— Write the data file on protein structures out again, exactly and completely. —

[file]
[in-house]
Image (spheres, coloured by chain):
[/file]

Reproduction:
[in-house]
Image (spheres, coloured by chain):